History of Gospel Meetings
A gospel meeting is a tool our elders have decided to use to spread God's Word (Matthew 28:19-20) and encourage one another (Hebrews 10:24-25). Because it is an expediency, a lot of room is left for culture, debate, and time to shape it into what it is today. Some of the earliest references to gospel meetings I could find only dated back to the late 1800s. Although gospel meetings are still a young tradition, centuries of history shaped them into what they are today. Their evolution throughout history goes back as far as the first Passover in Exodus. Modern gospel meetings ultimately find their roots in traditions of the Presbyterian church. Other influences come from the Catholic church's Eucharist rituals and Holy festivals. Realizing this will help us understand the history of gospel meetings, and how we can best use them today. For the sake of brevity and the purpose of this article, we’ll start in 16th century poverty-stricken Scotland.
In 1574 AD, The Old Scottish Poor Law went into effect. To keep masterful beggars—including jugglers and palmists—from working the system, the Poor Law limited relief for the poor. The Church of Scotland had to turn away beggars, who didn't meet the state's standards. As a result, they grew distant from the people they were trying to serve. In my opinion, this was the turning point for modern gospel meetings in history.
Conditions in Scotland only continued to worsen over time. By the 18th century, the Presbyterian Church of Scotland was falling apart. The church saw an alarming rate of negligence, specifically around the Lord’s supper. This may have been due to a lack of funds to buy bread and wine, as well as a shortage in qualified ministers to dispense the communion. The Church of Scotland soon decided that quality in Lord's supper observance was better than quantity. Observance went from monthly to quarterly. Over time, it became an annual festival called the Communion Season. During this festival—over several days, sometimes weeks—participants would fast, preach, prepare, commune, and contribute. Members gathered from all over to take part in its observance. This festival played a large role in the revivals of the First Great Awakening.
As this all happened in Scotland, settlers made their way from Europe to America. This led to the birth of the United States through the American Revolution. Following the war, westward expansions left settlers without religious establishments. There were few to no church buildings in existence during this time. Transportation was slow and limited. Preachers were often scarce, serving as circuit riders and moving from one church to the next. In response, people like James McGready, a Kentucky area Presbyterian, arranged camp meetings. The Communion Season served as a model, inspiring the structure for these gatherings. Many people came together as one to hear the Word preached for days, sometimes weeks. It was a common ground for different denominations and cultures to hear and often debate God's Word. Restoration Movement leaders like Barton Stone and Alexander Campbell would often preach at these camp meetings. The influence of these gatherings expanded as settlers continued to move west.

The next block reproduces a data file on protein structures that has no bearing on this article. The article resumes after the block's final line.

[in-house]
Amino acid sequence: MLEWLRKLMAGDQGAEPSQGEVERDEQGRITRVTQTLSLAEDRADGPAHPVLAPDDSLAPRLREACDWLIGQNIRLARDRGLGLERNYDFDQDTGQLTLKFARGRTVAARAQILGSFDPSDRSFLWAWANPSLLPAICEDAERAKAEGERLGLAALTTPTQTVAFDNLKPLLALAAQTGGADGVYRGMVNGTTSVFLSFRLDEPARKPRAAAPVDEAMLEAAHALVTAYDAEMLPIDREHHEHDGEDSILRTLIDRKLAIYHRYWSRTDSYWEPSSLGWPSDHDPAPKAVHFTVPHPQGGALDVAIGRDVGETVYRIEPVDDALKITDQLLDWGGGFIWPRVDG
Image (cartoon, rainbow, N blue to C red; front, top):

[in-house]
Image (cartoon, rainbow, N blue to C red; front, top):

As communities began to develop and churches became more established during the 19th century, so did camp meetings. Eventually, large tents replaced the outdoor camp meeting style, providing convenient shelter. Preachers were able to easily move them wherever and whenever needed. Both camp and tent meetings were successful during their time, converting thousands; however, that didn't stop the criticism around them being overly flamboyant. Hell fire and brimstone preaching and convulsive behaviors were commonplace at these types of events. Many people showed up for the sole purpose of being entertained. Others wanted to be able to say they were a part of something great. By the 1950s, preachers began to pack up their tents and transition to radio and television to preach the Word of God. The tent was eventually ditched in favor of air-conditioned church buildings.
It's easy to assume modern gospel meetings don't see as much success as earlier forms did back in the early 19th century, because we tend to romanticize the past. It's also easy to blame distractions on the lack of attendance and conversions during our meetings. Those types of problems have been around since the first century church (Hebrews 10:25, Matthew 19:16-24, 1 Corinthians 11:17-22). I do find it interesting, that each one of those historical events solved a cultural problem of their time. For example, the Communion Season allowed members to take part in the Lord's supper in face of poverty and hostility. The Camp Meetings were organized due to the lack of churches when pioneers settled to the west. Tent meetings helped preachers bring the Word to the people as churches were first being established. Each one showed great success in teaching God's Word, converting thousands of lost souls. It’s human nature to try and duplicate success, even when the original scenario that propelled it to greatness changes. Sometimes we must reinvent our man-made traditions—so long as they don’t get in the way of God’s Law—to solve the problems we're facing today. Other times, it may be as simple as changing our point of view to see it was successful for reasons we were previously blind to.
Our gospel meeting October 7th with Josh Creel is right around the corner. I thought it would be interesting to go back in history a little to show how we got here. Pray for this gospel meeting and our visiting preacher. Pray that it will be successful in God’s eyes, and that it will stir each one of us up to love and good works. Please invite your friends and family, but also be present yourselves. Finally, I encourage you to prepare for and meditate on this meeting's purpose.
- James Dow